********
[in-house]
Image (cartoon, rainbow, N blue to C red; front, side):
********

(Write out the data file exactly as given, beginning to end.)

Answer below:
[in-house]
Image (cartoon, rainbow, N blue to C red; front, side):